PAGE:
The E-2 Treaty Investor Visa allows nationals from countries that have a Treaty of Trade and Commerce with the United States to invest a substantial capital in a U.S. business. To qualify for an E-2 visa, the investor must actively participate in the development and direction of the enterprise, and the investment must be in a bona fide business.
A "bona fide business" is a legitimate and functioning commercial or entrepreneurial venture that provides services or items for profit. The business must comply with applicable legal standards and not exist only to provide a living for the investor and their family.
The E-2 visa is initially valid for two to five years but can be renewed indefinitely, provided the investment continues to fulfill the E-2 requirements.
Procedure & Requirements
- The investor must have the citizenship of a treaty country;
- To ensure the successful operation of the enterprise the investment must be substantial and sufficient, with investment funds or assets committed and irrevocable;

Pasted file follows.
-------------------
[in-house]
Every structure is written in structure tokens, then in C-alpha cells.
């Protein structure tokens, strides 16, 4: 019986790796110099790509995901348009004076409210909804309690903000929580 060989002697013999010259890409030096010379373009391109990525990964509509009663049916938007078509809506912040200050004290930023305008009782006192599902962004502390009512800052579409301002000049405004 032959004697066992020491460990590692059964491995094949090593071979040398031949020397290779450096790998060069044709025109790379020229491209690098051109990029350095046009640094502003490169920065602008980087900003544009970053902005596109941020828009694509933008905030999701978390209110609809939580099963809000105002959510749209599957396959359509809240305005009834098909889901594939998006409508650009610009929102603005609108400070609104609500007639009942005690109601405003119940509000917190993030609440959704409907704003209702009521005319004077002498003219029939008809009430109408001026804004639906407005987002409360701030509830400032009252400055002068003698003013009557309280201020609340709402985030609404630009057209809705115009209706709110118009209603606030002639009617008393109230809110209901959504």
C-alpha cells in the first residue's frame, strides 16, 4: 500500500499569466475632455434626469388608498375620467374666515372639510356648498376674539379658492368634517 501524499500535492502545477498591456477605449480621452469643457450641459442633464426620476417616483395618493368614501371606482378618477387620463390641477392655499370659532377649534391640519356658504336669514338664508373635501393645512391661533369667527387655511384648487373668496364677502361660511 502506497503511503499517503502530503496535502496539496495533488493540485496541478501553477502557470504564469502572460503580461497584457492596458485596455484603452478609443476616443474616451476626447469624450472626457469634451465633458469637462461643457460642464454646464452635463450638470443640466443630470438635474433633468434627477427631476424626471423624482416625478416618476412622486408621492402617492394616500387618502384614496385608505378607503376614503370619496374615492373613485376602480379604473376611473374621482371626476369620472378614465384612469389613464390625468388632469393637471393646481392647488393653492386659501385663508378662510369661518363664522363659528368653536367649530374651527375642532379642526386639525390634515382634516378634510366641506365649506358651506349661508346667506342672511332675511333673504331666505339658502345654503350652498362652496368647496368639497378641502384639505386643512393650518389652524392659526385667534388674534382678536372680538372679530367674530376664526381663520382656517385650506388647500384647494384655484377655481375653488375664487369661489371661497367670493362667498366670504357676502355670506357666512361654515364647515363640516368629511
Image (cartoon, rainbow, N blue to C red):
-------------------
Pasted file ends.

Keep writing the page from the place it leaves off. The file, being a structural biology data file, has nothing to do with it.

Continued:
- The business must be a real operating enterprise, and the investor must actively be in the process of investing or have already invested the funds;
- The investor must possess the ability to develop and direct the business, holding at least 50% ownership, or possessing operational control;
- Upon meeting the requirements, the investor should file a Form DS-160 with the U.S. Consulate in their home country;
- If already in the U.S., the investor may file Form I-129 to change status to E-2;
- Interviews at a U.S. Embassy or Consulate are typically required for E-2 visa approval.
- Spouses and/or unmarried children under the age of 21 are eligible to accompany the investor in E-2 dependent status. Spouses are eligible to obtain work authorization in the U.S.;
- There is no statutory limit on the number of E-2 visas issued annually;
- E-2 visas generally allow travel in and out of the U.S., but it's advised to consult with an immigration attorney regarding specific travel considerations;
- E-2 visa holders may extend their status by filing for extensions or leaving and reentering the U.S.